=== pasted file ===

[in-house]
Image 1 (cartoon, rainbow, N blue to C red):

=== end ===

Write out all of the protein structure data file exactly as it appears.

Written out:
[in-house]
Image 1 (cartoon, rainbow, N blue to C red):